Saturday, April 17, 2010

Wheaton Theology Conference - Kevin Vanhoozer

Wow what a morning it was. Vanhoozer's talk was nothing short of spectacular. Both his wit and his learning are hard to overstate. Vanhoozer's goal was to try to show how we might reach a rapprochement between the Old and New Perspectives on Paul. I'll sketch pieces of his argument.

One issue Vanhoozer notes right of the bat is that many Protestants are opposed to doctrinal development, which is strangely un-Protestant. This clearly needs to be addressed. Then he asks the question, 'does being biblical mean attending to the details or the big picture?' His answer was 'Yes.' Wright excels at showing the narrative elements of Pauline theology, connecting textual and canonical dots without having to resort to allegory. Here's where Vanhoozer has a concern. Is Wright guilty of illegitimate totality transfer in his imposition of 2nd temple Jewish categories on Paul. Vanhoozer agrees that context is key, especially canonical context. This laid the groundwork for him to later challenge Wright to include the pastorals into his understanding of Paul (e.g., 1 Tim. 1:15).

Vanhoozer correctly notes that Wright's reformed critics aren't challenging his affirmations, but his denials. Especially troubling is (related to the last paragraph) the bit that 'the gospel isn't about how one gets saved.' Vanhoozer notes that Paul doesn't think the question of individual salvation is one to be sidelined when asked (see Acts 16).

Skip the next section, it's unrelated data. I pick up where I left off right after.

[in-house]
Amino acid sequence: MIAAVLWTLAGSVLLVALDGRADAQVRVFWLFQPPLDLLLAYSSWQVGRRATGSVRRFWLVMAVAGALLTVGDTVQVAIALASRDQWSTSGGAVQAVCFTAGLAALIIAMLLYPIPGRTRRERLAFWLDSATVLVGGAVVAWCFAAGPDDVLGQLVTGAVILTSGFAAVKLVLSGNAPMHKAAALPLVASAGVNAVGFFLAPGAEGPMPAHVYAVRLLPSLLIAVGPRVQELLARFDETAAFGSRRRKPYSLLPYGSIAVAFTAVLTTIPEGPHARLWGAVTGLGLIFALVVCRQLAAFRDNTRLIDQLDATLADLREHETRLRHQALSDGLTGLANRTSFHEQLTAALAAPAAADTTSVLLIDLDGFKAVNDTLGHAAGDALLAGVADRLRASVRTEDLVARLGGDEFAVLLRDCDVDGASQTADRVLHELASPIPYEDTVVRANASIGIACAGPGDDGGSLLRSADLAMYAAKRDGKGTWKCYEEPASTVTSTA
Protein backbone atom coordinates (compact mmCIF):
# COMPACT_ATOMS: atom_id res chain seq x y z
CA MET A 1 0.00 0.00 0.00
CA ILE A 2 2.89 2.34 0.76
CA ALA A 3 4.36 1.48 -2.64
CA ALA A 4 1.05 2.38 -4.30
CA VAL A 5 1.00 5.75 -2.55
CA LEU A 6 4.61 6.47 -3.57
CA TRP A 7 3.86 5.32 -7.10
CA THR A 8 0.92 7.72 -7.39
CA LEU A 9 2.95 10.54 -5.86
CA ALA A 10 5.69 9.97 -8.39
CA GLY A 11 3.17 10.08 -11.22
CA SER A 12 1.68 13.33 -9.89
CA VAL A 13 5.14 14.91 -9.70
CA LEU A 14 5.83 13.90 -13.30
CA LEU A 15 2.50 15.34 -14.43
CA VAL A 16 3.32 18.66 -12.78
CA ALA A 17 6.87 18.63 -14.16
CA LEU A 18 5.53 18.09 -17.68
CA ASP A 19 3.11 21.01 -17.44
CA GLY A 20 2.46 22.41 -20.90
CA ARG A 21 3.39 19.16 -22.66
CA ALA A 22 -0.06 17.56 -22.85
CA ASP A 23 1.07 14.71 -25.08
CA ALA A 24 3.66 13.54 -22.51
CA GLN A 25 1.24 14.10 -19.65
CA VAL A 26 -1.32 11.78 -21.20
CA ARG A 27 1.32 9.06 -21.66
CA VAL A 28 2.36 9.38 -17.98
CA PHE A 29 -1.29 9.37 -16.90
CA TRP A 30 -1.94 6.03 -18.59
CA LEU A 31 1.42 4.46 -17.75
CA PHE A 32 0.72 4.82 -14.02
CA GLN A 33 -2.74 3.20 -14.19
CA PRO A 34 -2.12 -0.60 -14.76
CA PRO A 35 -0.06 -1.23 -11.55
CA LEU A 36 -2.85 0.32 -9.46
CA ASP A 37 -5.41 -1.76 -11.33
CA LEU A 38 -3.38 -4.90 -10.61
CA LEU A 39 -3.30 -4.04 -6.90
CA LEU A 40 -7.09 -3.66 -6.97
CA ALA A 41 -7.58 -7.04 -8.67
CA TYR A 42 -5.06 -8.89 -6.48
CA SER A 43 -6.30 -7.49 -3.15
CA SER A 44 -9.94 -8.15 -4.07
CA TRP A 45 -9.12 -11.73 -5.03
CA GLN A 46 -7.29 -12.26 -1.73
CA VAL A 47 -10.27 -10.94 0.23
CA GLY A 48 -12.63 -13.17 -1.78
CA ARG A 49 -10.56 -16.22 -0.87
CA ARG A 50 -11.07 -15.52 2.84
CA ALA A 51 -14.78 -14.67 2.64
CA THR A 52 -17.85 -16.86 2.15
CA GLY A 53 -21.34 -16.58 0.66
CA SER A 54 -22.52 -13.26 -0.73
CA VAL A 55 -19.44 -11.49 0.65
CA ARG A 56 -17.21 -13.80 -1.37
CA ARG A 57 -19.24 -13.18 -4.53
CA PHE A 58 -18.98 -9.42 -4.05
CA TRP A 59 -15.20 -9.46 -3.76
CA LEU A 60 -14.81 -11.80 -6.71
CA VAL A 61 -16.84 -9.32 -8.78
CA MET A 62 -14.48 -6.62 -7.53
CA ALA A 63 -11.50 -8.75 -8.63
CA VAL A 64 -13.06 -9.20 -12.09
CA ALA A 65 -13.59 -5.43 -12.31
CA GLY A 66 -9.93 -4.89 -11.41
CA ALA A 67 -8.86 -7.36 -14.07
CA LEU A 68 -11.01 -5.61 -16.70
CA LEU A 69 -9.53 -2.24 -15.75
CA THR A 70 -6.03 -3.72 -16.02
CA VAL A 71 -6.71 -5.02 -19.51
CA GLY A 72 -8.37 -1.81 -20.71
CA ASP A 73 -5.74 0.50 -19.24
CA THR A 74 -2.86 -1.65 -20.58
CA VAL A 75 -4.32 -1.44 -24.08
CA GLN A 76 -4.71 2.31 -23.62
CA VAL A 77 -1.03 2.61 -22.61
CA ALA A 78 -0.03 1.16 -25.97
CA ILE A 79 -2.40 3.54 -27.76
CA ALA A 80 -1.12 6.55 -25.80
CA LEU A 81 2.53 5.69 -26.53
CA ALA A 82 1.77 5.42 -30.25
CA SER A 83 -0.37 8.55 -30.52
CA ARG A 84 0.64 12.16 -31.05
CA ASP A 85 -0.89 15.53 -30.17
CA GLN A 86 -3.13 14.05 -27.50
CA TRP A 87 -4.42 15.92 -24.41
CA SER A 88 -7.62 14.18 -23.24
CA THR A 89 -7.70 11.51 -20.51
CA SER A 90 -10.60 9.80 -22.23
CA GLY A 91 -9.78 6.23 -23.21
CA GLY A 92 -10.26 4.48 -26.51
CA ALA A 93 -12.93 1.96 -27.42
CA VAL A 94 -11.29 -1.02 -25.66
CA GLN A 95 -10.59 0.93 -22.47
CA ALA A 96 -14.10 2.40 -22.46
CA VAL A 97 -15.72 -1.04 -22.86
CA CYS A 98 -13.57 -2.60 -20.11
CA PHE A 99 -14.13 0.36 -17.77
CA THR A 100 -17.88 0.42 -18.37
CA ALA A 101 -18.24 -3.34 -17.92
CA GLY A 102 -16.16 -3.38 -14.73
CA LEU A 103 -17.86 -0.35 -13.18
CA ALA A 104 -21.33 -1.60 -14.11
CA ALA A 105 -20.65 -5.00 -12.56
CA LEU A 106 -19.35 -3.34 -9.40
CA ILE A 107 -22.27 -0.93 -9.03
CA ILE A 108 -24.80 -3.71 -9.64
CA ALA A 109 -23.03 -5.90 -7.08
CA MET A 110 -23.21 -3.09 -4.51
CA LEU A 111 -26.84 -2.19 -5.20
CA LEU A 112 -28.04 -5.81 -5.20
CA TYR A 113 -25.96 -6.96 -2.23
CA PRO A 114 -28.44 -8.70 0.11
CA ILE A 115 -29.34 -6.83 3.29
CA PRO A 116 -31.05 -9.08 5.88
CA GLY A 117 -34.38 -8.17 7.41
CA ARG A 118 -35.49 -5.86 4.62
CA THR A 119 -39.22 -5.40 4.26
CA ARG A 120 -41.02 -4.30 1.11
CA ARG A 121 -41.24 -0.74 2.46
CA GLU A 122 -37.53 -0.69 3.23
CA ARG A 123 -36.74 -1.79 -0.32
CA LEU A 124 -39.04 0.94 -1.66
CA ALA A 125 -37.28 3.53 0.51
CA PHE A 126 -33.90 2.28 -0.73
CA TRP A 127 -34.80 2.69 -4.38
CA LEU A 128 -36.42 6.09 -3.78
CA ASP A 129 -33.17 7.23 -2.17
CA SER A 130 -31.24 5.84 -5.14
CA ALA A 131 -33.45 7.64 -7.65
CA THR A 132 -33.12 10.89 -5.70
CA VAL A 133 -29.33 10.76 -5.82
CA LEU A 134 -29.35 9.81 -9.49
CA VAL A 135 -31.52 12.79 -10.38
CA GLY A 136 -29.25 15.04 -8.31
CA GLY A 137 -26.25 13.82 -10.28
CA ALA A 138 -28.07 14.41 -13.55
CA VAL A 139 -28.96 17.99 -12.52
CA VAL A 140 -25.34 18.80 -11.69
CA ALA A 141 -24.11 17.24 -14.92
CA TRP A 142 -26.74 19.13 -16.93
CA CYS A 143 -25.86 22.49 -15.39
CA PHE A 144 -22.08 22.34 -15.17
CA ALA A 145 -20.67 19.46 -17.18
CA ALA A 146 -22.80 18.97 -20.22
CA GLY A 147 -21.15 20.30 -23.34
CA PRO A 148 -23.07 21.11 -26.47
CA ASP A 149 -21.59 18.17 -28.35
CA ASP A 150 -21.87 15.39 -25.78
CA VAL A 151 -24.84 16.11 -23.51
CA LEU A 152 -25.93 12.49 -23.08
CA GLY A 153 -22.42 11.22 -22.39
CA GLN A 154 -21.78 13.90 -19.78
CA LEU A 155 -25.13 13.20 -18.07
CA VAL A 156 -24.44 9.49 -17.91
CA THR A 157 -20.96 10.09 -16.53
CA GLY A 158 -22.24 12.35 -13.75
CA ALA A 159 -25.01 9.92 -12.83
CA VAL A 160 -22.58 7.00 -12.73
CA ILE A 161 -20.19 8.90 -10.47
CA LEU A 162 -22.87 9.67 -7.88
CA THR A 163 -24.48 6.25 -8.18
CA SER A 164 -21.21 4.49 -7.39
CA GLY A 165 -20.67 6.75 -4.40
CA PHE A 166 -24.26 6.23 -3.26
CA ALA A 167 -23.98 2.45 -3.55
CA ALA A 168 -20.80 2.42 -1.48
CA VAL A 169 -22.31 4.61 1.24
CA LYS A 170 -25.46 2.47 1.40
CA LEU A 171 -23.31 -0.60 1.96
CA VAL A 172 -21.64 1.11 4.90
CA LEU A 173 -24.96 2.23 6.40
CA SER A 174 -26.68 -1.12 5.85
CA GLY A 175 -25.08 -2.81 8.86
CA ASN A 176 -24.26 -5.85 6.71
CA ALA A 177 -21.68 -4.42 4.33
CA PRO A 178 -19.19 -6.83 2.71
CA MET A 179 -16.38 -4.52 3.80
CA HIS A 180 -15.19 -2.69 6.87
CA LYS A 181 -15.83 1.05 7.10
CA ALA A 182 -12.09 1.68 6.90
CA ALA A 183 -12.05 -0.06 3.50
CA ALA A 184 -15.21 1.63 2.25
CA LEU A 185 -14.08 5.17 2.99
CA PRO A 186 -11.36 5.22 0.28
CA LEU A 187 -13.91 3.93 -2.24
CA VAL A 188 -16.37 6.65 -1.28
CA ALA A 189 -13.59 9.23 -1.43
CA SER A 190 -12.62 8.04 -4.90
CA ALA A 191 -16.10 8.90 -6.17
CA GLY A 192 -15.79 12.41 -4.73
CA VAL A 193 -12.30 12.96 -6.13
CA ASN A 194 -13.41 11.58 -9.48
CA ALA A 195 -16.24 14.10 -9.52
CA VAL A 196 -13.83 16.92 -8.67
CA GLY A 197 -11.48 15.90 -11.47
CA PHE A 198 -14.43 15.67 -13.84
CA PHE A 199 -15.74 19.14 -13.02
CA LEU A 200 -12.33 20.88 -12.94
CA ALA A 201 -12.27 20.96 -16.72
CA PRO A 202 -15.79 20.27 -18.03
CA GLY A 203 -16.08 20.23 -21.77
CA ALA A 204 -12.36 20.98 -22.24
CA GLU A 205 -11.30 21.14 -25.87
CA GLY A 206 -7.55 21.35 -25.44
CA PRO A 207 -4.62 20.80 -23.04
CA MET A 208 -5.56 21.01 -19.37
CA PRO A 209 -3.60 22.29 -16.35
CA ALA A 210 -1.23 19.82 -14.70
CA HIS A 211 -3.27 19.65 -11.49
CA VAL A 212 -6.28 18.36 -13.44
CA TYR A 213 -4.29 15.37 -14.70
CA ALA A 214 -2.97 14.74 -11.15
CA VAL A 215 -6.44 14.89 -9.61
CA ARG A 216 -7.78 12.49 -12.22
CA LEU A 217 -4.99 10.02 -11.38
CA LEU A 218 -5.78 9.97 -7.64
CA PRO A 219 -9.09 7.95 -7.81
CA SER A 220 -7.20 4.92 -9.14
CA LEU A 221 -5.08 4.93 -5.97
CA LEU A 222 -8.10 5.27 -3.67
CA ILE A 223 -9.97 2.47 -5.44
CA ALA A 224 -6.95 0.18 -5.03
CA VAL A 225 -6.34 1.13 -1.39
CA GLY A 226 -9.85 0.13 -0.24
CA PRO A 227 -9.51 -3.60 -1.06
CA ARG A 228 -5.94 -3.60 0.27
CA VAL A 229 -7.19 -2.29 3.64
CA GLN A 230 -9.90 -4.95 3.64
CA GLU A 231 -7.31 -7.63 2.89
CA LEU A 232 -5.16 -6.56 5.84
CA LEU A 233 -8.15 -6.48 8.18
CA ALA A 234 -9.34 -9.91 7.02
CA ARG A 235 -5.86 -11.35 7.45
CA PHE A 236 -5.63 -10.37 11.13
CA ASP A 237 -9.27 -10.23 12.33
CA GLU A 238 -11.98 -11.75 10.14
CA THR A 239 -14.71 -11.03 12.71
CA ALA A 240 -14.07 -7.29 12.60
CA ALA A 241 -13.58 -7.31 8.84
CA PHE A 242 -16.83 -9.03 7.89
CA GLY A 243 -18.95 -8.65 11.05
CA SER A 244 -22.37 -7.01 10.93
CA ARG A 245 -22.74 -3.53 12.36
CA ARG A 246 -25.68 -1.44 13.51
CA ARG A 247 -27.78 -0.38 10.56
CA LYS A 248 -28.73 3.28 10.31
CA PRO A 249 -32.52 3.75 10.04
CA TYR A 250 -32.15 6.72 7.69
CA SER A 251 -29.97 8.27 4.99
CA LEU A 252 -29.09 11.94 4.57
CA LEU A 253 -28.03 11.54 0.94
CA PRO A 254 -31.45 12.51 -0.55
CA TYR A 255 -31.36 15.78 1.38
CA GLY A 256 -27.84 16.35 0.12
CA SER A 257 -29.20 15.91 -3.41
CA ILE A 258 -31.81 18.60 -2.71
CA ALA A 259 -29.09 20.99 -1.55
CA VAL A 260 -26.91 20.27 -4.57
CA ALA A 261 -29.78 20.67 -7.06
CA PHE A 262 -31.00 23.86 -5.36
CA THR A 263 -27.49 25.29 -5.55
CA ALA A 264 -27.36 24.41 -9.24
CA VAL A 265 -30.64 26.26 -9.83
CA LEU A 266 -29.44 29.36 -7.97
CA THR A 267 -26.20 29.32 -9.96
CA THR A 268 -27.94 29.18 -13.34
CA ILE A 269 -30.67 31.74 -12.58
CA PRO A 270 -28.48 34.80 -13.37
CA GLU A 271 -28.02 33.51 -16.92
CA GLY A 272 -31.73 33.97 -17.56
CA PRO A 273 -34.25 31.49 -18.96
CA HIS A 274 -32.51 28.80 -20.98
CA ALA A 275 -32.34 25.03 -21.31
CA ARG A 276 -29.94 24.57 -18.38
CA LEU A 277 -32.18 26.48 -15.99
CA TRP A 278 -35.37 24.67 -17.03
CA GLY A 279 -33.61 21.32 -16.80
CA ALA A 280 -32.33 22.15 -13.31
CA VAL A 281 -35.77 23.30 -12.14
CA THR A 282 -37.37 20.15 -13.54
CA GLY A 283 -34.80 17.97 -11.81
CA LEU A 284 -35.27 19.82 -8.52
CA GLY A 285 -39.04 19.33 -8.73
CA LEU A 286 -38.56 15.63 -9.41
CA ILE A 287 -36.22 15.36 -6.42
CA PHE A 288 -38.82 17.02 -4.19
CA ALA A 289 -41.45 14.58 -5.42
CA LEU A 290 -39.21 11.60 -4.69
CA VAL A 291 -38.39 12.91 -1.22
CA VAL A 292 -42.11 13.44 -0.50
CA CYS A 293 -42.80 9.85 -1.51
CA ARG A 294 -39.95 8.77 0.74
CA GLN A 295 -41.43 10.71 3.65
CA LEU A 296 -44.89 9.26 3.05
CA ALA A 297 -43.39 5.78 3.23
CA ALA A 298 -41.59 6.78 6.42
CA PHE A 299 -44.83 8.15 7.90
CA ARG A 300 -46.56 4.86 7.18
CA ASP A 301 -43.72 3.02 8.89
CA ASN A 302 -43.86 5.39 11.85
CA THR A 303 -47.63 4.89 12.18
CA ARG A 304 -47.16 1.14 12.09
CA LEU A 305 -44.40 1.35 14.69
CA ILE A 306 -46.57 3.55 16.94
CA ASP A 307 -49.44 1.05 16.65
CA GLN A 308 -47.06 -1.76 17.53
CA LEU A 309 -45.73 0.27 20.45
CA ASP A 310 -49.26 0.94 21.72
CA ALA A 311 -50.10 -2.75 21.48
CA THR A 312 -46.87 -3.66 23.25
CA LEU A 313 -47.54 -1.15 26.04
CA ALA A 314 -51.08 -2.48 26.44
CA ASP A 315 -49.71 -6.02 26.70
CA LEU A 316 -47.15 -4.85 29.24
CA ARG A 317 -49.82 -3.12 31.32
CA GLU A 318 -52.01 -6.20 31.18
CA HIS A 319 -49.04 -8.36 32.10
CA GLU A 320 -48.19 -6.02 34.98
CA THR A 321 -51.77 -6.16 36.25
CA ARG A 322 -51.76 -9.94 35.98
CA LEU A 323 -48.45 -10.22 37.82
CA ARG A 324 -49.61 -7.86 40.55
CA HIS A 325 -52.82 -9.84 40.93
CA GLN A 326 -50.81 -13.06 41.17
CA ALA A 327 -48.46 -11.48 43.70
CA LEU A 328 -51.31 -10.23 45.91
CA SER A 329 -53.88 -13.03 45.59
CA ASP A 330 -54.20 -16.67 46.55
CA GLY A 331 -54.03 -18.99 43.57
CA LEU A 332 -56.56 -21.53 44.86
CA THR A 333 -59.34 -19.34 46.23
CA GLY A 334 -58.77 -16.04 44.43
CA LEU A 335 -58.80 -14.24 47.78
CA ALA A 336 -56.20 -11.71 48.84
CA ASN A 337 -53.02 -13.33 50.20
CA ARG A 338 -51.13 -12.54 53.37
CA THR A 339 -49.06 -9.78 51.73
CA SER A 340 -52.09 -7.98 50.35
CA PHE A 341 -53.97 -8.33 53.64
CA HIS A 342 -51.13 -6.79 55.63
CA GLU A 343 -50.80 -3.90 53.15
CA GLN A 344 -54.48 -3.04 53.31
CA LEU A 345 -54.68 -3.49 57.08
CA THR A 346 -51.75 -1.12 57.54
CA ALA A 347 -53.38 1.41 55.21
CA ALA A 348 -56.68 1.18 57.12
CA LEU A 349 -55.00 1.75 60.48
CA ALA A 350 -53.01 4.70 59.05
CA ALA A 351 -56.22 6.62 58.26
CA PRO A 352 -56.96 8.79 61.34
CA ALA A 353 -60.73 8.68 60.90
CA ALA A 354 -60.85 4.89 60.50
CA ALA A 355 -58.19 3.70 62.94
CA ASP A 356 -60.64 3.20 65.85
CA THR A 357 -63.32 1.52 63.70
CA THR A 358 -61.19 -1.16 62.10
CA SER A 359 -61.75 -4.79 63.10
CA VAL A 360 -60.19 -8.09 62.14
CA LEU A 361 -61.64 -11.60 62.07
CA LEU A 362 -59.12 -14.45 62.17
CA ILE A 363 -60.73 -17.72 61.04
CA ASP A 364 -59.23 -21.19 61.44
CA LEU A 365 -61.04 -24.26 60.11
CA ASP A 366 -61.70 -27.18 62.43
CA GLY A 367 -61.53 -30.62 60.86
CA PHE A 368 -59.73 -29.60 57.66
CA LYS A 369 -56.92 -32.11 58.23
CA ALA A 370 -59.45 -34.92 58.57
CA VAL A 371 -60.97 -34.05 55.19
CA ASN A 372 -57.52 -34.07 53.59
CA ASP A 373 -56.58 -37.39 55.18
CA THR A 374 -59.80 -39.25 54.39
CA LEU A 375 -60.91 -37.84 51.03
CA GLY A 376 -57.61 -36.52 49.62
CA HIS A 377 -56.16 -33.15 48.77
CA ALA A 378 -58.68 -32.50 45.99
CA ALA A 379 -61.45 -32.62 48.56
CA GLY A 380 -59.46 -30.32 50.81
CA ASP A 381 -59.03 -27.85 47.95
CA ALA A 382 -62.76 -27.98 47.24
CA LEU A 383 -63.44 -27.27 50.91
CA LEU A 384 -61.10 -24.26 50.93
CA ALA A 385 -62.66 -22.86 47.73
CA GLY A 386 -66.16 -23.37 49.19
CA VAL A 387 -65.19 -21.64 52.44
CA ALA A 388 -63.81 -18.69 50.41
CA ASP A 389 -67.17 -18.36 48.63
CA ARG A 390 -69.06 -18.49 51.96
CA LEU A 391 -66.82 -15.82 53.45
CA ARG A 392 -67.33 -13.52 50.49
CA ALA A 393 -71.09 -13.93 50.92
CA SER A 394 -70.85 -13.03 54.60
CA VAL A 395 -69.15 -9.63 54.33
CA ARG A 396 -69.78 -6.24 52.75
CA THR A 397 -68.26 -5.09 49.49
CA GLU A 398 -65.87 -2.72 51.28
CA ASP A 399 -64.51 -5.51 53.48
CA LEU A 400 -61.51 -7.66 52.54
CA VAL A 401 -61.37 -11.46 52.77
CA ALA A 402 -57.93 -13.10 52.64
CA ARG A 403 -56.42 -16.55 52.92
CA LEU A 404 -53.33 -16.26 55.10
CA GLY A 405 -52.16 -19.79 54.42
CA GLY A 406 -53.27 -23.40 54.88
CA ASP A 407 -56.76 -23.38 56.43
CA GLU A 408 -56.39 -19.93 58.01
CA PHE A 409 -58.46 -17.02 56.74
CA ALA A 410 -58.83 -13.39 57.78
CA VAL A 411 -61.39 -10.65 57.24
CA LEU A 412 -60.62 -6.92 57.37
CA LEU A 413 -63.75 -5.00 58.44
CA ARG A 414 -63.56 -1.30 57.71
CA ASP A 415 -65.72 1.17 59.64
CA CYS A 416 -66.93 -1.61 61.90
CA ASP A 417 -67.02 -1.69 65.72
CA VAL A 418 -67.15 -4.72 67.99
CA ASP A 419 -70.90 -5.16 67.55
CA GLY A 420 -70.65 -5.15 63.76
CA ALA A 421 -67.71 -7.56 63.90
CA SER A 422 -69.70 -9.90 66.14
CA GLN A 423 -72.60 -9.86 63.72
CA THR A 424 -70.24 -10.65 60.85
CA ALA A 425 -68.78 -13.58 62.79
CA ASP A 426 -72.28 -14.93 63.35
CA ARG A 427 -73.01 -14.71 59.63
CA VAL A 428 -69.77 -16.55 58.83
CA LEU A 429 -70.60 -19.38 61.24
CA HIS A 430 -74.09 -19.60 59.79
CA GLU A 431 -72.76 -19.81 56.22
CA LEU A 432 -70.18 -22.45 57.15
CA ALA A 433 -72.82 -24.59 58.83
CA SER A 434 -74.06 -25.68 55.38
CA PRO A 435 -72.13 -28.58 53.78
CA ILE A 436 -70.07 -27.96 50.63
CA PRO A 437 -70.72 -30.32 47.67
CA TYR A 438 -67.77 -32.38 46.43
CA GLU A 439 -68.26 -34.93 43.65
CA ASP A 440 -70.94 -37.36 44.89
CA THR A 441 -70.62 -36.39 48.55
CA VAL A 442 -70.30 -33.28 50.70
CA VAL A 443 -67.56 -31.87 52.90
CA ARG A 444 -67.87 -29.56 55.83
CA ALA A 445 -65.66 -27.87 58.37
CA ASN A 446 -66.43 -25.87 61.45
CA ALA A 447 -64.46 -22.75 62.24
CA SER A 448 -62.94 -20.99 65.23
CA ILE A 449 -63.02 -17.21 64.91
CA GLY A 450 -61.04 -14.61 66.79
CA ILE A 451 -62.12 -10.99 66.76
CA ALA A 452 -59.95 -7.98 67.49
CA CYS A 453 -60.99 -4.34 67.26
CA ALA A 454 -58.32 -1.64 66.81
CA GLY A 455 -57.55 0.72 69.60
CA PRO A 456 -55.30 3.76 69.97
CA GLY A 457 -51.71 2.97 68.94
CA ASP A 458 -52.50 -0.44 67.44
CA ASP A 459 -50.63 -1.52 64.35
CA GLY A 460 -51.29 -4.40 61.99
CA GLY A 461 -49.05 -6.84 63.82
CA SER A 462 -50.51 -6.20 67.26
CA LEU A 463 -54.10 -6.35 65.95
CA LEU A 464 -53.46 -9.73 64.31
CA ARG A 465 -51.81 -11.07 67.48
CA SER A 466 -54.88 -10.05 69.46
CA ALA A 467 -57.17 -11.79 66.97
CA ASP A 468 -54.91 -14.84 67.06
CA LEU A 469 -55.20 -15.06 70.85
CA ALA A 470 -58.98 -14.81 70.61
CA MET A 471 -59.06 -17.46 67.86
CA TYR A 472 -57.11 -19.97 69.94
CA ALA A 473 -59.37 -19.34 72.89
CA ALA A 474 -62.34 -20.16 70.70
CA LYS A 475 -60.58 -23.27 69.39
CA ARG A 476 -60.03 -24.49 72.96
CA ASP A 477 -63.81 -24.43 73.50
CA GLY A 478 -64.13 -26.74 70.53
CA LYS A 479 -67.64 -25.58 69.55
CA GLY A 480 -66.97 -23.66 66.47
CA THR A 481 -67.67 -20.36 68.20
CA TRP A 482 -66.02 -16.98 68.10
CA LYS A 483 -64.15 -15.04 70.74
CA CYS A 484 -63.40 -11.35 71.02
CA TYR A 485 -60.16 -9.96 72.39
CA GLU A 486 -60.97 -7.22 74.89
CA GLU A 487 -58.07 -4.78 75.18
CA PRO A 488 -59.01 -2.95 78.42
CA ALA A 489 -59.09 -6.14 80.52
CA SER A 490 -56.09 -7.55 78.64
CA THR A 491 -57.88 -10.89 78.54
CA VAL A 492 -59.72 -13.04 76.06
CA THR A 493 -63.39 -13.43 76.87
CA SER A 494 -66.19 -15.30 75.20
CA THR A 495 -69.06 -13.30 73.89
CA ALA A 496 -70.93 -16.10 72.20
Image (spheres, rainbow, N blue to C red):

Vanhoozer points out that for Wright ecclesiology is the new soteriology. Justification is the verdict that you are in God's people and faith is a sign of covenant membership not an entry ticket. Of course this conflicts with many in the Reformed tradition. So, Vanhoozer suggests a way forward that can bring the concerns of both together - union with Christ.

Vanhoozer analyzes justification as everyone would expect him to - as a speech act. Here his analysis is helpful (and what follows is an extreme simplification). He notes that locuted righteousness actually brings about a state of affairs by the utterance, it's more than just a declaration of fact.

In the rest of his talk he went on to link imputation and justification in ways that are extremely helpful, subsuming the discussion into union with Christ and ultimately adoption. What's imputed to us is Christ's covenant faithfulness. He also suggests that what happens at justification isn't just an acquittal (criminal court) and isn't just a determination of covenental staus (civil court), it's membership into Christ and thus into God's family (adoption court).

Vanhoozer closed by calling for more dialogue between Wright and the old Reformed guard. Neither side gets it right completely. They need each other. That dialogue must be laced with grace and the fruit of the spirit. I think that Vanhoozer has given us excellent suggestions at what our way forward should be.

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